THE HAGUE, Netherlands — 30 October 2019 — Malaysia significantly improved its emergency management capacity during a Chemical Incident Preparedness for Hospitals (HOSPREP) training workshop held in Putrajaya, Malaysia from 19 – 22 October.
The training focussed on enhancing the capabilities of medical facilities in the midst of a chemical terrorism incident and covered the general principles of emergency planning, patient reception, and decontamination treatment protocols.
Malaysia’s Ministry of Health and National Authority to the Chemical Weapons Convention (CWC) collaborated with the Organisation for the Prohibition of Chemical Weapons (OPCW) to host the workshop.
Chairman of the National Authority of Malaysia, H.E. Dato Ilankovam Kolandavelu, underlined the continuing relevance of the programme stating: “Malaysia looks forward to hosting HOSPREP in 2020 for international medical experts to learn and pass on the multiplying effects of this course through the Training of Trainers concept.”
OPCW Programme Officer from the Assistance and Protection Branch, Guy Valente, expressed his gratitude to the Malaysian government for spearheading the HOSPREP programme and noted: “It is a testament to the commitment of the Malaysian Government to the well-being of the population as well as the willingness to be a regional leader in hospital preparedness.”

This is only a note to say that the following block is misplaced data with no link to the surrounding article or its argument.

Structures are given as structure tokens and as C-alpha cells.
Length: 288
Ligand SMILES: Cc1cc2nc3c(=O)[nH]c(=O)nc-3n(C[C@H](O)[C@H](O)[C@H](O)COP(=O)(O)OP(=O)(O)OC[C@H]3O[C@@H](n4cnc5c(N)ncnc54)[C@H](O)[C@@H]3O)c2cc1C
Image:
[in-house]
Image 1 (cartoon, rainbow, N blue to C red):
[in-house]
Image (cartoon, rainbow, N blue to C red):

During the workshop, participants attended sessions facilitated by the OPCW and experts from the United States and Japan.
Fifty-eight representatives from medical institutions across Malaysia attended the workshop, alongside delegations from Kenya and Bangladesh who are partners with Malaysia under the HOSPREP programme.
HOSPREP is an institutional capacity building programme initiated in 2018 by the Assistance and Protection Branch of the International Cooperation and Assistance Division of the OPCW Technical Secretariat.
As the implementing body for the Chemical Weapons Convention, the OPCW, with its 193 Member States, oversees the global endeavour to permanently eliminate chemical weapons. Since the Convention’s entry into force in 1997, it is the most successful disarmament treaty eliminating an entire class of weapons of mass destruction.
Over 97% of all chemical weapon stockpiles declared by possessor States have been destroyed under OPCW verification. For its extensive efforts in eliminating chemical weapons, the OPCW received the 2013 Nobel Peace Prize.